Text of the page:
Quest for Learning
At Millstead School we use a range of assessment materials that support the progress of our children using whichever is best suited to the children’s individual needs. For our children with Profound and Multiple Learning Difficulties (PMLD) we have adopted Quest for Learning. This is a tool that allows us to monitor very small steps of progress and allows the children to develop their own unique ‘pathway’ towards the key milestones. These key milestones (listed below) are based on development in infants and often reflect the special way our children learn to interact with the environment through communication and cognition (learning).
For Millstead School Quest for Learning is used to:
• provide a whole picture of the child and the learning process;
• focus on the child - their abilities rather than disabilities;
• provide an assessment which is process-based and looks at the relationship between the child and their environment;
• ensure that the main purpose of assessing a child is to enable them to make the best possible progress in the development of skills, knowledge and understanding.
The talented staff at Millstead School are trained to recognise the changes in the way the children interact with the environment and those around them. The 43 Quest for Learning milestones (like stepping stones) allow each child to take the route that is most suited to them and means that there is more flexibility to reach the 7 key milestones.
The key milestones are:
Notices stimuli – children recognising that something is ‘out there’ that may interest them and turn towards, look at it or reach out for it.
Respond consistently to one stimulus – children reacting in the same way to the same thing (person, noise, image, toy or place) over a prolonged period of time.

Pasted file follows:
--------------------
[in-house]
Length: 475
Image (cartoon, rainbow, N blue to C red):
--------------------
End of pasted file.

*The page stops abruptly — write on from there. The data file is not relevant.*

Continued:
Contingency Responding – children making something happen and knowing that it was they themselves that did it.
Contingency awareness – children making something happen and knowing how they made it happen.
Object permanence – children knowing something is still there and exists even when they can’t touch, smell, hear, taste or see it.
Selects from two items – children making a choice of what they want when offered two things.
Exerting autonomy in a variety in a variety of contexts – children doing an action that they know will have the effect that they want.
These key milestones are reached through a pathway of a further 36 milestones that are mixture of communication and cognition (learning) and each milestone is broken down into smaller parts.
e = Encountered
d = Working towards (not consistent)
c = Either 1 place/1 person/1 stimulus
b = More than 1 place/1 person/1 stimulus or a combination of 2
a = generalised the skill - in any place with any person AND with any stimulus
This is something we have been working at Millstead and have shared with other schools who are adopting a similar approach. We look towards children reaching each milestone over time from experiencing it to achieving it consistently in several situations with different people. For some children, maintaining a skill or retaining it as long as possible, is still considered progress given their individual needs and degenerative conditions.
We provide opportunities throughout the day, every day for children to work on their personalised targets in a variety of ways and make the most of the school environment and all that it offers in the way of rebound, sensory swimming and the immersive suite (sensory room). Each Quest for Learning target is adapted to the specific teaching and learning activity and staff make detailed observations to support the assessment process and show the progress the children make. Every success is celebrated and shared with the child and their families.